20 Under 40 Feature: Allen BeardenPublished 3:31pm Monday, July 29, 2013
One teacher at the School of Discovery has a unique passion for Selma that comes with growing up in the community and having a relationship that is deeper than surface-level with many of the people around him.
Allen Bearden teaches Earth science to middle school students and has an overarching vision for Selma’s growth and prosperity he tries to execute through teaching children to think in new ways.
Bearden returned to Selma after graduating from Auburn University and began his teaching career. Though he considered other places, he decided Selma was a unique place where he could give his students unique and new opportunities.
“I think Selma is at a position where there are conversations that can happen here as far as race, class and poverty that maybe can’t happen in other places,” Bearden said. “I think with our history, there is progress we can make here that maybe can’t be made in other places.”
Bearden also believes in the potential Selma has in cultivating natural resources and alternative energy. He said he forsees a new day coming for Selma, and opportunities in the community are still left unrealized — opportunities he wants to be a part in harnessing.
He said, for his student’s education and for the future of Selma, it is best to give students a hands-on education they can use for application in all different areas. He wants to reform the education he gives them by teaching them critical thinking and decision making so that they are prepared for all walks of life.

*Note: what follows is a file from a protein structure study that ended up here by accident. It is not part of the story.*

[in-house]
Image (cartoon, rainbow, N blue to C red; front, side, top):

“I think we do a disservice to a lot of children by forcing them into college or just preparing them for goal X,” Bearden said. “You have to prepare children on how to choose between A, B, C and D, to take whatever path they want and to give them whatever skills they need to figure out what they want. We need children here to develop those skills of being independent thinkers and problem solvers in addition to strong backgrounds in reading and math.”
Bearden teaches his students all about hurricanes, air pressure, weather patterns and fossils, but his goal is to spark something in them much deeper — those decision making skills that can help Selma grow overall.
“I want Selma to be a place where we can all find our own space to raise our families, to make a living and just enjoy and learn from each other — with emphasis on learning from each other,” he said. “I think there are stories and knowledge and a past that we all can benefit from, and I think those walls are breaking down. I hope that continues.”